Multi-disciplinary teams should work across hospital and community settings – including with services provided by community health, adult social care and social care providers – to plan post-discharge care, long-term needs assessments and, where appropriate, end of life care.
Life transitions can be difficult for anyone but the potential for anxiety and disruption is amplified when people with long-term conditions or disabilities are being asked to move from one support setting or service network to another. These service transitions often coincide with a broader change in someone’s overall stage of life such as when a young person with a disability or mental health difficulty moves from children to adult services, or when an older person with dementia moves into a residential care home. Such transitions also affect family carers who will commonly experience considerable changes in their personal circumstances and caring responsibilities. Discharge from hospital is another often stressful transition as someone is moving from an environment in which there is continual access to care, to one in which they will be more reliant on their own abilities and support from their informal carers and networks.
Well-managed transitions of care are those which are sufficiently planned before the day of the move, involve the person and if appropriate family carers in the decision-making, and are coordinated around the interests and needs of the individual.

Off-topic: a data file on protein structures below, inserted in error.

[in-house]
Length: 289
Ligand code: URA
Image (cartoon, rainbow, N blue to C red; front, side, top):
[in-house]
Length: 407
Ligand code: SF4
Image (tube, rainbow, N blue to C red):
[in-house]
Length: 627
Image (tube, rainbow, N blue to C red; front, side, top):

Explore transitions of care
How do well-managed transitions relate to integrated care?
Despite many previous attempts in national policy and practice guidance to improve the co-ordination of care, we found lots of ongoing examples of disputed responsibilities, delays, hand offs, ‘cost shunting’ and ‘turf wars’.
It is at those times of transition when the need for person-centred and coordinated care is arguably at its greatest. Professionals may not be clear about who is responsible for what in the new setting, communication processes and digital records may not operate beyond existing service boundaries, and different access criteria, modes of care, and service capacity may be in place. Relationships that people have developed with key professionals are likely to be lost which then requires them to retell their personal stories and establish connections with new teams. Basic but key information such as how to contact new teams and when they will visit are not always clearly communicated to the person or their family in advance of their move. Well-managed transitions cannot prevent all of this disruption but can reassure people and their families that there is continuity in their support based on a shared understanding of their care needs and what matters to them as individuals.
Who benefits from well-managed transitions?
Interventions that support timely and safe transitions are generally aimed at ensuring people can find adequate support when they no longer require hospital care, either from community health services or social care. This includes older and frail people, people with long-term and complex needs and people with mental health problems, but also those who may need additional short-term support in the community to improve their independence.
What do transitions of care need in order to succeed?